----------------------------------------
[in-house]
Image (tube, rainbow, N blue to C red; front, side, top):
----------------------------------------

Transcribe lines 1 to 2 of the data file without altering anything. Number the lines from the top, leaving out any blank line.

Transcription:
[in-house]
Image (tube, rainbow, N blue to C red; front, side, top):